In this section of his book The Economic Consequences of the Peace, John Maynard Keynes discusses what he believes to be the failings of the Treaty of Versailles. He believes that the treaty will cause the economic situation in Europe to worsen, as well as fail to prevent future animosity amongst the opposing countries, stating that it contains “…nothing to make defeated Central Europe into good neighbors.” Keynes’ views appear to be more similar to those of Woodrow Wilson in his 14 Points than those expressed in the official treaty, arguing that the treaty did too much to harm Germany.
Keynes offers many predictions as to how the treaty will throw Germany and blames the selfish wants of the leaders who drafted it for this. He writes that the treaty has given Germany no means as to care for its people–most of the war debts have been placed upon them, making importing necessary resources from other countries near impossible. Germany had already been weakened by the Allied Blockade during the war, making famine and death on a large scale inevitable under the conditions which the treaty created. Immigrating out of Germany was also a challenge due to the large amounts of animosity directed toward them after the war, and the Treaty of Versailles forced them to take all blame for the war. All of these harsh punishments both directly and indirectly imposed on Germany created a lasting bitterness which eventually led to even greater conflict.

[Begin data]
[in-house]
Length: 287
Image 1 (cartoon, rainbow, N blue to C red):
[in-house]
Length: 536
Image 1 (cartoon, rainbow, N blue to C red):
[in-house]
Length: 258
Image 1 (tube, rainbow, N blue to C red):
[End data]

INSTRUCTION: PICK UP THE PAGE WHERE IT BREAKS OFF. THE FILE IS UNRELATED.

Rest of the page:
Keynes’ views on post-war European economics are similar to those of Mark Mazower, who ascertains in Dark Continent that “Europe’s economic life was in chaos” (Mazower 104). While Keynes focuses on Germany, he also argues that the rest of Europe is unprepared for such a great economic disaster that is to come. His predictions that this economic turmoil will lead to even more conflict are accurate, as it allowed for the rise of vengeful leaders. The poor economic conditions of post-war Europe are one of the greatest indirect causes of World War II.